Republican senators on Thursday blocked a $60 billion infrastructure bill part of President Barack Obama's jobs package as expected.
Every GOP senator and a few Democrats voted to maintain a filibuster, 51-49 -- far from the 60 needed to bring the legislation to a vote. Democratic Sens. Ben Nelson of Nebraska and Joe Lieberman, an independent member of the caucus, voted with Republicans.
The infrastructure portion of Obama's jobs plan met the same fate as the bill to provide $35 billion for states and localities to hire teachers, police officers and firefighters. In a 50-50 vote, the Republican caucus and two Democrats killed the legislation.
Obama on Wednesday urged Congress to pass the infrastructure bill, called Rebuild America Jobs Act, which he said would put hundreds of thousands of construction workers back to work on road rail and airport projects.
The White House had also released a report that highlighted the economic benefits of these projects.
The Rebuild America Jobs Act would provide $50 billion for projects and another $10 billion for an infrastructure bank to finance federal loans and loan guarantees to transportation, water and energy projects. A 0.7 percent tax surcharge on gross income above $1 million would be implemented to pay for the new funding.
Though the bill failed, Republicans also saw their piece of infrastructure-related legislation go down 47-53. The GOP bill would have extended highway funding for an extra two years.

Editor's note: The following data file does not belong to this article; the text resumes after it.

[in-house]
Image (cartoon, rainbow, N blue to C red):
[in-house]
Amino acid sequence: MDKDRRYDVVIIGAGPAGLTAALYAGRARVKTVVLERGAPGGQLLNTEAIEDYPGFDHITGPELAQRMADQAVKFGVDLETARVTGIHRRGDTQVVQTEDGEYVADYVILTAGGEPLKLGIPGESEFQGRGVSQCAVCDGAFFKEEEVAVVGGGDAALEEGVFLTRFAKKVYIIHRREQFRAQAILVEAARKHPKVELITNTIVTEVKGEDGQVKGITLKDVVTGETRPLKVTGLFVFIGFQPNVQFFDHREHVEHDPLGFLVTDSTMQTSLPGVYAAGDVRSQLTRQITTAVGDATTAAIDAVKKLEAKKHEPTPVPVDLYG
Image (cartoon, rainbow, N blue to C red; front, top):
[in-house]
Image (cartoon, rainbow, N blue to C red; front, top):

Reid, McConnell Spar, Yet Again
Before the vote, the two Senate leaders sparred over their competing infrastructure bills.
Senate Majority Leader Harry Reid of Nevada opened Thursday's session criticizing Republicans for holding up the legislation.
It's unbelievable that Republicans have lined up in the past, and we heard they're going to do the same thing today, in unanimous opposition to this common sense plan supported by people all over America, Reid said.
Reid also continued his effort to tie Republican opposition against the jobs bill to an anti-tax pledge from tax activist Grover Norquist's Americans for Tax Reform. Nearly all Congressional Republicans and even a handful of Democrats have signed the pledge.
The 0.7 percent tax surcharge on income over $1 million, Reid said, would affect two-tenths of a percent of tax payers.
The top one percent of these people in America make as much as the other 99 percent put together, Reid said, taking a cue from the Occupy Wall Street protests that have sprung up around the country.
Senate Minority Leader Mitch McConnell of Kentucky, however, criticized Obama's plan as ineffectual and touted his caucus' plan as a better alternative to kick start infrastructure projects.
The Republicans' bill would extend a current highway funding bill for two years, giving states and contractors the certainty they need to start new infrastructure projects and to create jobs.
Under the Republican plan, states would have the authority to spend federal funding and also blocks new regulation from the U.S. Environmental Protection Agency on cement producers and boilers. The legislation is paid for with funds Congress already appropriated, but has yet to spend.
McConnell also slammed Obama's infrastructure plan because less than a tenth of the $50 billion slated for infrastructure funding -- $4.3 billion -- will be spent in 2012.
This hardly matches the President's call for doing something quote, 'right away,' McConnell said, adding that Democrats want to pay for a temporary spending bill with a permanent tax hike on job creators.
The truth is, McConnell said, the Democrats are more interested in building a campaign message than in rebuilding roads and bridges.